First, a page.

The tweets below contains two short clips of Tech running two variations of Run-Pass Option (“RPO”) sets last year.
Here is a short clip of what I refer to as “Bubble” RPO sets:
Texas Tech Football – David Yost's Bubble RPO sets
Looks like triple-option football, with some pre-snap "gift" reads to Vasher baked in. pic.twitter.com/6qxSXd6BFM
— Tech Hoops Guy (@TechHoopsGuy) July 28, 2020
And here is a short clip of what I am calling “Now” RPO sets:
Tech Football – Some of David Yost's "Now" RPO sets.
It's triple option football, but on 3 diff. types of anabolic steroids.
SaRodorick is going to get loose (again).
— Tech Hoops Guy (@TechHoopsGuy) September 9, 2020
Oftentimes, for both the “bubble” & “now” RPOs, the QB has a pre-snap read that allows him to abort the play and immediately throw it to Vasher…. usually an out or a fade (when in the red zone). We’re referring to this as the pre-snap “gift” read.
For some gift read examples, see the :31 second mark in the “bubble” RPO video or the :35 and :42 mark in the “now” RPO video for some examples of the pre-snap read.
If that pre-snap gift read isn’t there, the QB moves on to the post-snap read: either handing the ball off or throwing it to the “bubble” or “now” screen.
Comparing these plays to old-school triple-option football, the hand-off to Sarodorick is the fullback dive and the bubble/now pass is the pitch man.
Defenses are forced to defend these plays (and any play that gives the impression of an RPO) as if it’s the triple option. These sets challenge every horizontal inch of the field, and it looks annoying as hell to defend against / prepare for, especially when it’s being run at Tech’s break-neck pace.
“I spent my first five years coaching at the Naval Academy when Kenny Niumatalolo was the offensive coordinator. I learned about the option from him….. [W]e are not going to run the triple option, midline, or belly option. However, we are going to use some of the principles that govern how that option works.” – Matt Wells
In a lot of ways, Tech’s entire 2019 offense last year was premised on these two RPO sets and a few wrinkles that flow from them (see deep balls v. TCU in the bubble video, or the slip screen v Baylor at the end of the now video).
The triple-option elements of these plays are why, IMO at least, Tech’s running game improved in situations when our opponent had a strong indication that a run was coming (3rd and short / redzone).
Texas Tech Football – Rushing Attempts on 3rd or 4th down & 3 or less yards (Big12 stats only).
Most attempts by year:
— Tech Hoops Guy (@TechHoopsGuy) April 15, 2020
Tech was trending the wrong direction since the '15 Pat/Deandre backfield lead the country in rushing EPA.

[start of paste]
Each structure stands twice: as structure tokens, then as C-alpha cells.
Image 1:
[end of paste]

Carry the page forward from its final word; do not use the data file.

IMO, Yost's RPO sets resurrected Tech's rushing efficiency from top 30-40 among P5 teams ('17-'18) to top 10 last year.
— Tech Hoops Guy (@TechHoopsGuy) July 29, 2020
These RPOs are also why I’m a little less worried than most about our new offensive tackles’ ability to pass block.
As long as Tech is giving opponents a steady diet of these RPOs, it makes little sense for Big 12 defensive coordinators to send their edge guys in a full-on pass rush. Just like the triple-option can neutralize elite pass rushers, these RPOs can have a similar effect. Now, if we’re behind the chains in 2nd or 3rd and long, that’s a different story…. but the same is true for passing downs regardless of what offense you run, and it’s not as easy as it might seem to take these plays away from us.
What’s interesting about Yost’s RPOs is that they highlight what, in my opinion, is a misconception about RPOs among many football fans.
This is not a rip of the Rich Rodriquez zone-read offense, where the QB is heavily involved in the run game. Instead, Yost’s RPOs are more about the QB simply making the right read and either throwing immediately to the gift route, handing it off, or getting it out to the bubble/now on time & on target.
I don’t claim to know anything about QB evaluation, but it would seem like Bowman has the ideal skill set to run these types of RPOs (Bowman also gutted Oklahoma State in 2018 running Kliff’s version of RPOs).
Will Tech run more of these “bubble” & “now” RPOs in 2020, since our execution should be improved in year 2 under Yost?
Alternatively, could we see less of them, since Yost will have a QB that can make more than one down-field progression and who didn’t lose every fall/spring QB battle he was apart of while at Tech.
Speaking of Duffey…. look at the marked improvement he made from 2018 to 2019
- NFL QB rating: 92.1 (tied for 6th in the conference)
- PFF passer grade: 74.8 (7th in the conference)
- 9.1% of drop backs were sacks or interceptions
- NFL QB rating: 99.2 (tied for 3rd in the conference)
- PFF passer grade: 89.5 (1st in the conference)
- 5% of drop backs were sacks or interceptions
IMO, Duffey’s improvement on paper last year is largely attributable to these RPO plays. They are extremely QB friendly (similar to how a triple-option offense can be).
Will Yost elect to keep the training wheels on so-to-speak with Bowman, or it will no longer be necessary to protect Duffey by calling such a heavy diet of these one-progression RPO plays?
Similarly, if Yost elects to run more 10 personnel (4 wide receiver / 0 tight ends), will these RPOs still be a staple of the offense?
I’m not sure that they will be as effective without one. The TE is a serious factor in Yost’s offense, whether he’s blocking for the bubble/now out on the perimeter, blocking in the run game, or forcing defensive coordinators to add another box defender to account for the TE in their run fit scheme.
The only thing I feel sure about regarding these RPO sets & the upcoming 2020 season…. SaRodorick Thompson is going to get loose again.